Scott tells environmentalists he's 'committed' to Everglades restoration

Rick Scott, Florida Governor

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Rick Scott, Florida Governor

STUART — Gov. Rick Scott told a group of about 200 people dedicated to Everglades restoration Thursday evening that his own desire to restore the "River of Grass" is limited only by budget constraints.

Scott kicked off the 27th conference of the Everglades Coalition, a coalition of more than 50 government, science and nonprofit agencies involved with restoring the entire Everglades ecosystem from the Kissimmee River to the Gulf of Mexico.

He was introduced by Ed Ciampi, chairman of the Martin County Board of Commissioners, who said the governor would give his views "on how to protect the environment and how to pay for it."

Scott stepped to the podium chuckling about the "how to pay for it" part.

"It would be nice if it was easier," he said. "I wish I had a budget surplus like (former Gov.) Jeb Bush had."

Scott, who asked the state Legislature for $17 million for Everglades restoration in 2011, drew a round of applause when he noted that his budget proposal this year recommends spending $40 million.

"We've got to do everything we can to get that money," he said. "I'm optimistic we'll move the budget through the House and Senate."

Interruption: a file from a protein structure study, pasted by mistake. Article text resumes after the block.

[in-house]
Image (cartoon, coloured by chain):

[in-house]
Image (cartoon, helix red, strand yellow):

Picking up on the theme of the conference, "Everglades Restoration: Worth Every Penny," Scott said the Everglades "play a critical role in Florida's economy" and noted that the state's $60 billion tourism industry and $62 billion agriculture industry are both dependent on clean water.

"The Everglades are a national treasure and a job creator," Scott said. "They really are worth every penny we spend (on restoration)."

The state already has spent more than $4 billion on the Comprehensive Everglades Restoration Project and related projects, Scott said.

"I intend to build on the significant investment Florida has already made," he said. "I understand the importance of the Everglades, and I'm committed to seeing Everglades restoration projects through."

Water entering the Everglades is 14 times cleaner than when it leaves Lake Okeechobee, Scott said.

"But there's still more to do," he said. "We need to improve water quality, and more water needs to move south."

The conference runs through Saturday. Other speakers include Lisa P. Jackson, administrator of the federal Environmental Protection Agency, author and columnist Carl Hiaasen, and U.S. Sen. Bill Nelson, D-Fla.

For information, go to evergladescoalition.org.

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